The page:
Archdeacon of Ecija in the fourteenth century, and one of the most inveterate enemies of the Jewish people; lived at Seville, where among Christians he was highly respected for his piety and philanthropy. In his sermons and public discourses he continually fanned the hatred of the Christian population against the Jews, to whom he ascribed all sorts of vices. As vicar-general of Archbishop Barroso of Seville he arrogated to himself the right of jurisdiction over the Jews in his diocese, injuring them wherever he could, and demanding that the magistrates of Alcalá de Guadeyra, Ecija, and other places no longer suffer the Jews among them. The Jewish community of Seville, at that time the richest and most important community of the country, was forced to appeal to King Henry II., who commanded the archdeacon, in a letter dated Aug. 25, 1378, not to meddle in future with the affairs of his subjects the Jews; not to incite the people against them; and to abstain from deciding their lawsuits. The Jews were empowered to withdraw from the archdeacon's jurisdiction, and the royal officials of Seville and other cities were summoned to protect the Jews in their rights. But this made no impression on Ferrand Martinez; and the Jews were obliged, four years later, to complain to King John I. John severely reproved him (March 3, 1382), but to no effect. The king issued a new edict (Aug. 25, 1383) in which he commanded the archdeacon to desist, on pain of heavy punishment. Nothing, however, could keep Ferrand Martinez from pursuing his purpose of exterminating the Jews.

Public Trial.

The community of Seville finally decided to summon the archdeacon before the highest tribunal. On Feb. 11, 1388, Ferrand Martinez, and the clothier Judah Aben Abraham, the representative of the community of Seville, together with their witnesses, appeared before the "alcaldes mayores" Ferrand Gonzalez and Ruy Perez. Judah, referring to the two royal edicts, demanded in the name of the community that the archdeacon should desist once for all from any arbitrary and unlawful acts against the community; otherwise the community would immediately bring a complaint before the king. Ferrand Martinez declared in his written answer, read eight days later before the tribunal, that he would continue to preach and act as heretofore; that all he had done so far had been done on the advice of the archbishop and for the benefit of the Church and the welfare of the king. He asserted also that the Jews had offered him 10,000 doubloons for deciding an important case in their favor. The archiepiscopal chapter now interfered, sending two of its members to the king to say that the archdeacon was setting aside even the authority of the pope, and that the safety of the Jews was imperiled. The king, who was entirely ruled by his wife, Leonora, Ferrand Martinez's penitent, replied that matters should not be precipitated, and that the archdeacon's zeal was worthy of all praise; at the same time he declared that the Jews under his protection must not be maltreated.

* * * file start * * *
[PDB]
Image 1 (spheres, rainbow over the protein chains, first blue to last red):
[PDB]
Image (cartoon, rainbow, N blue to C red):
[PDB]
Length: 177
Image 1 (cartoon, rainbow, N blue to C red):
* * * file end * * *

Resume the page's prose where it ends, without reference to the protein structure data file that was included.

Appointed Vicar-General.

Archbishop Barroso proceeded more energetically. Summoning a body of theologians and experts in canonical law, he called upon Martinez to recant. As Martinez refused to do so, he was forbidden to perform thenceforth any ecclesiastical functions whatsoever, or to decide any case, on pain of excommunication. When Ferrand Martinez was deposed from office the Jews of Seville felt relieved, but their relief was of short duration. The archbishop Barroso and King John died within three months. The king was succeeded by Henry III., a child of eleven years, under the tutelage of his bigoted mother. The archiepiscopal chapter chose the ex-communicated archdeacon for vicar-general. Ferrand Martinez immediately (Dec. 8, 1390) called upon the clergy of his diocese to demolish all synagogues in their parishes, and send to him without delay all lamps, Hebrew books, and scrolls of the Law found therein, on pain of excommunication. The clergy of Ecija and Alcalá de Guadeyra obeyed at once; and the synagogues of Soria and Santillana also came near being torn down.

The Jewish community of Seville turned in its consternation to the king (about Dec. 15, 1390), whoseven days later sent a letter to the archiepiscopal chapter, holding it responsible for all damages done to the Jews, and commanding it to rebuild or to repair at its own expense all synagogues that had been torn down or damaged. He gave strict orders that the archdeacon should be at once deposed from office and placed where he could do no further harm. The chapter proceeded to obey the king's command; but Martinez declared that an ecclesiastic was subject to the Church and not to the king, and that the chapter had no right to depose him from office, or to demand that he rebuild the demolished synagogues.

Under Leonora's regency Martinez could defy even the king, receiving effective support from the people he had aroused. The first riots broke out in March, 1391, during which several Jews were killed. The great massacre occurred at Seville June 6, 1391, when several thousand Jews were killed and many forced to accept baptism. The people rose against the Jews throughout Castile, Aragon, and Majorca, many thousands being slain or forced into the Church. Ferrand Martinez was imprisoned at Seville in 1395 by command of Henry III., but was soon released. The people worshiped him as a saint. Before his death he presented his whole fortune to the hospital of San Maria at Seville, which he had founded.

  • Zuniga, Anales de Sevilla, ii. 29 et seq.;
  • Rios, Hist. ii. 338, 579 et seq.;
  • Henry Ch. Lea, Acta Capitular del Cabildo de Sevilla, in American Historical Review, i. 220 et seq.;
  • R. E. J. xxxviii. 260 et seq.
G. M. K.
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